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Originally published August 2 2015

Arizona couple disgusted after almost eating worm-ridden fish - do you know where your meat comes from?

by J. D. Heyes

(NaturalNews) A couple from Arizona was shocked recently when they found that fresh salmon they had just purchased from a local grocery store was infested with slimy worms - a preview what will likely become more common in the years ahead as Congress votes to remove country-of-origin labeling on meat, poultry and fish.

Jen Chafitz, of Peoria, Ariz., had made her usual shopping trip to a local Fry's supermarket recently and picked out some supposedly fresh salmon filet to fix for dinner that night.

At home about six hours later, however, she made the startling discovery. As she was preparing dinner, she removed the fish from the refrigerator and noticed two worms slithering underneath the packaging.

"Its head was sticking out of the fish," Chafitz said told the local ABC affiliate. "Standing there I felt like something was crawling on me, it was really gross."

Immediately she hollered into the next room for her husband, who ran into the kitchen and was just as stunned by what his wife had found, as the worms continued to slither across the fish.

Before Jen took the fish back to Fry's in a bid to alert managers the couple made a video of what they had found.

ABC 15 reported that a representative from the supermarket said the store offered a full refund of the couple's money and that managers would be contacting the distributor to check on quality control and make sure they are up to standards.

Contamination could have been widespread

The local station further reported:

Dustin decided to share the video on a neighborhood Facebook page in hopes of making people more aware of a potential problem. Never seeing anything like this he was concerned the worms could've contaminated other filets in the batch.

"We're a close community and it felt like I needed to" let others know what the couple had found, Dustin said.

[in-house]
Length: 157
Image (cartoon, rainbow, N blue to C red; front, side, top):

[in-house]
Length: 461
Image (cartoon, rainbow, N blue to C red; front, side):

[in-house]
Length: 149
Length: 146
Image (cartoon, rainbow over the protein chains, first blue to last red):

Meanwhile, Jen said she has switched to a more vegetarian-based diet, adding that it might be quite some time before she'll be able to eat fish or even chicken again.

While the Arizona Department of Environmental Health said that parasites can occasionally show up in fish and that the food would be safe to eat if cooked to 140-degrees Fahrenheit, it's a safe bet that few Americans would either want to take that risk or have the stomach to eat worm-infested fish no matter how high the cooking temperature.

What's more, the department added that if you are not able to identify the parasite the health risk isn't worth it anyway and that such contaminated foods ought to be thrown out and the store where it was purchased notified immediately.

Are such incidents guaranteed to increase? Yes, say opponents of a recent congressional vote to eliminate country-of-origin labeling on meats and poultry imported into the U.S.

Voting to provide consumers with less, not more, information about their food

As NaturalNews has reported, in late May the House Agriculture Committee voted overwhelmingly (38-6) in recent days to repeal a "country of origin" law for beef, pork and poultry, just two days after the globalist World Trade Organization ruled against portions of the U.S. requirement.

The labels were required to inform customers where their meat came from, e.g. "born in Canada, raised and slaughtered in the United States," or "born, raised and slaughtered in the United States."

The WTO ruled that the U.S. labeling requirement put Canadian and Mexican livestock at a disadvantage. The global trade panel rejected a U.S. appeal following a similar WTO ruling last year.

Meat producers and too many in Congress had sought repeal of U.S. laws requiring the labeling, citing mostly higher costs of compliance.

But when it comes to public health, most Americans would probably agree that, if given the choice, they'd rather know more about imported products than less. While meat standards in Canada are generally comparable to U.S. standards, Mexican government standards are not - and what's more, they are not as uniformly enforced.

No matter. As usual, the consumer loses and the powerful global interests win.


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